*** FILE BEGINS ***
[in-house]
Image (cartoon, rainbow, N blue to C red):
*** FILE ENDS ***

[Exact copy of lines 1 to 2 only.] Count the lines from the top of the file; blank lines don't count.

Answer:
[in-house]
Image (cartoon, rainbow, N blue to C red):